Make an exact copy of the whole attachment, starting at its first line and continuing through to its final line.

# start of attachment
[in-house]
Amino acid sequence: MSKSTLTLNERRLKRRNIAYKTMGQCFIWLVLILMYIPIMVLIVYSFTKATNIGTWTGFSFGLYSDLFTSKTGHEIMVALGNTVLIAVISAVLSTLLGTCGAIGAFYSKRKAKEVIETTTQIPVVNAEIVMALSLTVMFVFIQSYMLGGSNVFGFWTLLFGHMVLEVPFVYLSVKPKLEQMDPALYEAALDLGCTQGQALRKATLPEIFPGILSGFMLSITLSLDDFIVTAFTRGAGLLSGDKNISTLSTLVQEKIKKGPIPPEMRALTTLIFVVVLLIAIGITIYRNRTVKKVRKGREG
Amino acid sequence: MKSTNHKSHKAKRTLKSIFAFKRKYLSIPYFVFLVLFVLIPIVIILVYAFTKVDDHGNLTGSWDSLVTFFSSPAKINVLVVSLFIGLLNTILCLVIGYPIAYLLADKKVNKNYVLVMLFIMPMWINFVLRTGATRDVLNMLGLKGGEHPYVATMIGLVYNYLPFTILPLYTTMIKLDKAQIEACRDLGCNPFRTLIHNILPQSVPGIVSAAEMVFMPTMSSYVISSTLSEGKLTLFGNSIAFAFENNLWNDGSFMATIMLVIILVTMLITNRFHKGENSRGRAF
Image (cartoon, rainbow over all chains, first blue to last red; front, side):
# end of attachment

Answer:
[in-house]
Amino acid sequence: MSKSTLTLNERRLKRRNIAYKTMGQCFIWLVLILMYIPIMVLIVYSFTKATNIGTWTGFSFGLYSDLFTSKTGHEIMVALGNTVLIAVISAVLSTLLGTCGAIGAFYSKRKAKEVIETTTQIPVVNAEIVMALSLTVMFVFIQSYMLGGSNVFGFWTLLFGHMVLEVPFVYLSVKPKLEQMDPALYEAALDLGCTQGQALRKATLPEIFPGILSGFMLSITLSLDDFIVTAFTRGAGLLSGDKNISTLSTLVQEKIKKGPIPPEMRALTTLIFVVVLLIAIGITIYRNRTVKKVRKGREG
Amino acid sequence: MKSTNHKSHKAKRTLKSIFAFKRKYLSIPYFVFLVLFVLIPIVIILVYAFTKVDDHGNLTGSWDSLVTFFSSPAKINVLVVSLFIGLLNTILCLVIGYPIAYLLADKKVNKNYVLVMLFIMPMWINFVLRTGATRDVLNMLGLKGGEHPYVATMIGLVYNYLPFTILPLYTTMIKLDKAQIEACRDLGCNPFRTLIHNILPQSVPGIVSAAEMVFMPTMSSYVISSTLSEGKLTLFGNSIAFAFENNLWNDGSFMATIMLVIILVTMLITNRFHKGENSRGRAF
Image (cartoon, rainbow over all chains, first blue to last red; front, side):